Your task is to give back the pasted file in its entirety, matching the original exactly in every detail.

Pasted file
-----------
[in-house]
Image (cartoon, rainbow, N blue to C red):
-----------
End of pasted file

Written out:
[in-house]
Image (cartoon, rainbow, N blue to C red):